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Published: Apr 05, 2016
checking credit score

This is the Day 2 challenge in the #Money30, a month-long bootcamp for personal finance novices. You can read more about the challenge here, and follow along with us on Twitter, Instagram,or email us at feedback@moneymail.com


"Free Credit Report" is one of those phrases that wafts in the atmosphere, thanks to ubiquitous advertising and catchy jingles. Don't let the sometimes cheesy come-ons fool you into thinking that it's not an important document. It is. Your credit report is how lenders evaluate you as a borrower and decide if you're a good candidate for a loan or credit card. So it's in your best interest to see what's in yours and fix any errors posthaste.

Three main companies—Experian, Transunion and Equifax—maintain your reports by compiling information from multiple sources, including when you opened various accounts, your payment histories, how much of your available credit you use, and other measures of creditworthiness. Bad behavior goes on your record too, from inquiries to tax liens to bankruptcy, all of which stays on your report for anywhere from seven to 10 years.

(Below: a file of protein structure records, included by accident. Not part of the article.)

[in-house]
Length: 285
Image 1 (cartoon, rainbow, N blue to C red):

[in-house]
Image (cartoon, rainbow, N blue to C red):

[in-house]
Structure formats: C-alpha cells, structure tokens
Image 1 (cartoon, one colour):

The good news is that you get to see, for free, what's on your loan rap sheet. You can view one free report per bureau per year by going to annualcreditreport.com and filling out a form.

Look over the documents carefully and see if anything is amiss, paying especially close attention to accounts that you've never opened, which could be a sign of identity theft. Contact the bureau if there is an error on your report; they're required to investigate and help resolve any problems that occur.

Taylor Tepper

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